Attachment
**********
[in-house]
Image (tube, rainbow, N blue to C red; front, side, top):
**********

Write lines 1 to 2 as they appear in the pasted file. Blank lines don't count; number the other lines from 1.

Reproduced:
[in-house]
Image (tube, rainbow, N blue to C red; front, side, top):